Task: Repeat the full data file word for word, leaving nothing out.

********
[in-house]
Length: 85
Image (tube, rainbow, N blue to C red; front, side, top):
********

[in-house]
Length: 85
Image (tube, rainbow, N blue to C red; front, side, top):